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Headshot of Emily Lakdawalla

The round worlds in the solar system: An updated graphic

Posted By Emily Lakdawalla

02-11-2015 16:06 CST

Topics: New Horizons, pretty pictures, Pluto, scale comparisons, amateur image processing, Charon, Dawn, dwarf planets beyond Neptune, asteroid 1 Ceres

I have a newly updated scale comparison graphic to share. In March of 2014, I exhorted people to get excited about the Year of the Dwarf Planet. As part of that educational effort, I made a scale comparison of every round object in the solar system smaller than 10,000 kilometers in diameter. That's Mars and everything smaller, including nearly 90 likely round objects beyond Neptune. Now that the Year of the Dwarf Planet is nearly over, I can add three more bodies to this graphic: Pluto, Charon, and Ceres. Here is the updated version:

Every round object in the solar system under 10,000 kilometers in diameter, to scale

Montage by Emily Lakdawalla. Data from NASA / JPL, JHUAPL/SwRI, SSI, and UCLA / MPS / DLR / IDA, processed by Gordan Ugarkovic, Ted Stryk, Bjorn Jonsson, Roman Tkachenko, and Emily Lakdawalla.

Every round object in the solar system under 10,000 kilometers in diameter, to scale
Under a size cutoff of 10,000 kilometers, there are two planets, 18 or 19 moons, 1 or 2 asteroids, and 87 trans-Neptunian objects, most of which do not yet have names. All are shown to scale, keeping in mind that for most of the trans-Neptunian objects, their sizes are only approximately known.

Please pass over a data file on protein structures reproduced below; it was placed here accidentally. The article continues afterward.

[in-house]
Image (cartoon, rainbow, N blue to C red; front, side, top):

If you visit the Image Library page for this graphic, you'll find other versions without text and/or without the not-yet-visited worlds. My update was made possible by Roman Tkachenko, who produced simulated views of Pluto and Charon lit at half-phase from the New Horizons images, which only show the two worlds at nearly full phase. Here are his simulated views, in case they are useful to anyone else:

Simulated view of a half-phase Pluto

NASA / JHUAPL / SwRI / Roman Tkachenko

Simulated view of a half-phase Pluto
This view of Pluto was generated from images captured by New Horizons' Multispectral Visible Imaging Camera (MVIC).
Simulated view of a half-phase Charon

NASA / JHUAPL / SwRI / Roman Tkachenko

Simulated view of a half-phase Charon
This view of Charon was generated from images captured by New Horizons' Multispectral Visible Imaging Camera (MVIC).

While I was adding the three newly photographed round worlds, I also took the opportunity to update the representation of likely trans-Neptunian dwarf planets, using Mike Brown's frequently-updated dwarf planet list. I didn't keep exact count, but there were half a dozen newly-added likely dwarf planets, and a similar number for which there were substantial (on the order of 10%) changes in estimated diameter; only one such change dropped a world off the list of likely round worlds.

On this graphic, I don't show the designations of any of the trans-Neptunian objects that have not been formally named except for the few very largest, because it would just turn into an alphabet soup. However, each of the little half-disks on this graphic represents a specific trans-Neptunian object. If you are planning to give a presentation on some of those non-formally-named worlds, feel free to ask me to generate a version of this diagram that calls out the specific ones you're interested in. More generally, if you need a specific montage of solar system worlds for a presentation or publication, email me! I'm happy to help out.

I recently gave a presentation to the California Map Society about how we map solar system worlds, and used this graphic to show how many maps we have yet to make. I wonder how long it will be before we finally map more than just a couple of the members of the Kuiper belt!

See other posts from November 2015